2nd  - God is with us through it all.  Psalm 23 tells us that; “Yyea though I walk through the valley of the shadow of death… thou art with me”.  If you feel fortunate to have avoided this storm be thankful, just know that life happens, there will be storms to come – but fear not, the God of all creation is with you!

What do you think? What do you think Jesus would say? 

Pastor Ponders Hurricanes!

 

Every since I can remember hurricanes have been a part of being a Florida resident.  From the first one I remember, Hurricane Donna in 1960 to Charley in 2004, we’ve grown accustomed to their threat and survived their strikes.  A hurricane is the most unpredictable of all storms and can cause catastrophic damage but we hardly seem to flinch when one is baring down on our homes and state.  We’ve become accustomed to the threat and we’ve learned to moderate our response to something that could wipe out our homes  and possibly kill us.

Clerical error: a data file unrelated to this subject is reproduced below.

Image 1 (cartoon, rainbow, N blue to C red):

Contrast our response to hurricanes to the slightest downturn in the stock market, to a job loss, or a unfavorable diagnosis.  We panic as if there is no tomorrow.  We cry out “why God” when we loose a few dollars in our retirement accounts but hardly seem to bat an eye when thousands are left homeless by Hurricane Michael that hit Mexico Beach, Florida, just last year.

Have we become callous about catastrophe?  Are we so preoccupied with self that we simply consider it part of today’s news when others are bitterly suffering?  Whats has happened to us?  What are we going to do about being callous, accustomed and panic-free for our neighbors?